CONCLUSION

If there is a correlation between BCG vaccination in representative countries across the world and the number of reported  Covid-19  cases  was  assessed.  The  study revealed an inverse trend between countries that immensely offer BCG vaccination to the general population and reported cases of Covid-19. Whereas the study establishes a correlation, the contribution of other factors, including but not limited to test capabilities, demographics, and disease burden need to be investigated to further augment these findings. To elucidate direct antiviral effect of BCG vaccination, molecular analysis to determine the role of BCG vaccination and potential protection against coronaviruses should also be investigated. If BCG vaccine is found to have coronavirus protection benefits, the clinical need for a BCG vaccination may need to be re-evaluated in countries that do not predominantly administer it, particularly on vulnerable and easily exposed population groups such as, the elderly, healthcare workers, people with pre-existing conditions and those with other concerning comorbidities. Consequently,    evidence    of    protection  against   viral respiratory infectious agents should underscore the need for developing countries to continue the administration of BCG vaccination promptly to offer continued beneficial effects on their populations.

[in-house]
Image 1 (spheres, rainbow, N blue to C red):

ACKNOWLEDGMENTS

The authors gratefully appreciate the authors, originating and submitting laboratories of the sequences from GISAID’s EpiFlu™ and Nextstrain Databases. They also recognize Coronavirus Resource Center at Johns Hopkins University, Google’s COVID-19 news, and BCG atlas for the provision of data to the public. Lastly, they thank Philip Alabi (Brown University, Rhode Island), Rosemary Nyamboya (St George’s University Hospital, London, UK), Courtney Mariita (Troy Prep Charter Schools, New York), Michael Ochieng’ (Pontificia Universidad Comillas, Madrid, Spain) and Jessica Gilpin (Vanderbilt University, Tennessee) for their insights and feedback.

 


 CONFLICT OF INTERESTS

The authors have not declared any conflict of interests.